Today's cartoon is based on the idiom Put your heart into something:
When you put your heart into something you make a lot of effort to do something.
"He's the kind of person who puts his heart into his job."
"She wanted her company to be a success and really put her heart into it."
This month's joke is based on the double meaning of the idiom put one's foot down:
1 - To put your foot down - To act firmly / To tell someone strongly that they must do something or that they must stop doing something:
"You can't just let him do what he wants, you'll have to put your foot down."
This month's joke is based on the double meaning of the phrasal verb break off:
1 - Break off: To separate or become separated, as by twisting or tearing:
"Do you want some of my chocolate? I'll break off a piece for you."
We use scissors to cut paper. Cut can be used as a verb. Did you know that cut is used in a common English idiom? Read on...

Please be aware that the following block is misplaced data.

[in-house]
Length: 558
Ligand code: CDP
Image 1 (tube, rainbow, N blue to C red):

This month let's take a look at the word ahead. In the cartoon go on a head means put on, but this what we can mean by ahead:
Let's take a look at the word hit. In the cartoon we can see two different meanings:
Hit - (verb) to strike something.
"I hit the spider with my shoe."
Hit (on) something - (phrasal verb) to realise something or to think of an idea unexpectedly.
You've probably heard make up used as a noun for cosmetics, but did you know that it's also used as a phrasal verb?
Make up - (noun) a cosmetic worn on the face to change your appearance.
Make up - (phrasal verb) to forgive / apologise with someone and to be friends again after a fight or argument.
As you know, we look up at something that is above us. For example you can look up at a tall building or look up at a bird in the sky. But did you know that it can also be used in the following way:
Look Up- get better; improve.
'The weather was terrible earlier, now it's starting to look up.'
'After a terrible start, sales for the month are finally looking up.'